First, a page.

What does quantum computing mean for the safety of data? Consider this.

A computer with 1 teraflop of power, capable of one trillion operations per second, would need around 300,000 years to breach the widely used RSA 2048 bit encryption algorithm.

A quantum computer, however, could achieve the same feat in just 10 seconds.

On the brighter side, using quantum technology for encryption would allow you to send confidential data to intended recipients in a way that is virtually unhackable — even by another quantum computer.

The potential implications of this computing power are vast for many areas of modern society, but the impact for the banking industry, with the colossal amounts of confidential data it handles and financial analysis it produces, is profound.

That is, when the quantum revolution actually arrives.

After decades of exploration and research, quantum computers do exist, but they are few and not yet quite effective or powerful enough to replace classical computers.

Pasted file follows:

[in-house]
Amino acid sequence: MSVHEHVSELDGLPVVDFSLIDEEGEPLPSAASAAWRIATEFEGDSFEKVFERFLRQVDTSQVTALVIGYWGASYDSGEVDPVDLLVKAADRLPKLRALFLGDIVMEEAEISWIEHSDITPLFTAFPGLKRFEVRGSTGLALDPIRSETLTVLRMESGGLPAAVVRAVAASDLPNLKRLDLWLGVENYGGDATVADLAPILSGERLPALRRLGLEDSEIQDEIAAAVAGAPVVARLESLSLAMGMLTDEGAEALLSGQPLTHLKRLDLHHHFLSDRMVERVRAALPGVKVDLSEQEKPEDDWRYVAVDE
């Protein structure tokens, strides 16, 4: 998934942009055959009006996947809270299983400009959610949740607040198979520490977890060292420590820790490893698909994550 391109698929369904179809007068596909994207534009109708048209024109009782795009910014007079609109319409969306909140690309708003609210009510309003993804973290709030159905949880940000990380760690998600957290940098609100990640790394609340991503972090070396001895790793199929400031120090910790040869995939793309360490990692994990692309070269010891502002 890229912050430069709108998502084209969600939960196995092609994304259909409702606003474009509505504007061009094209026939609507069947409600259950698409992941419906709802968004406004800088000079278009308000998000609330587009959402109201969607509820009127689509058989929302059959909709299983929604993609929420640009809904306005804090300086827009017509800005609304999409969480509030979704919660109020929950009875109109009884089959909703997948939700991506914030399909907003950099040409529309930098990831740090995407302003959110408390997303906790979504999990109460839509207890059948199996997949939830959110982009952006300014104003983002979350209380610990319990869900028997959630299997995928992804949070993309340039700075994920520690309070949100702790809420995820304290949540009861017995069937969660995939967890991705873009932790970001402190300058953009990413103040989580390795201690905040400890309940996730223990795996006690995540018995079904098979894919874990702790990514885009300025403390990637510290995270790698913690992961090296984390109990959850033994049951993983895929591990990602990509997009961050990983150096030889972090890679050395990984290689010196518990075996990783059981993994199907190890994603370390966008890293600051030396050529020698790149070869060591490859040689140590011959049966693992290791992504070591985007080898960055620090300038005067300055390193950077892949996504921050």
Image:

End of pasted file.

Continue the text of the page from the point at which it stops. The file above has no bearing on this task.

Technology giants are making strides in the quantum arms race, as banks and other companies in various industries gear up now for this new computing era. And the tipping point may be upon us as Google published a paper in Nature in October showing that its Sycamore quantum processor completed a complex calculation that would have taken the world’s most powerful classical supercomputer, the Summit, 10,000 years to solve. This is referred to as “supremacy” in quantum computing, and has been a long-sought after milestone.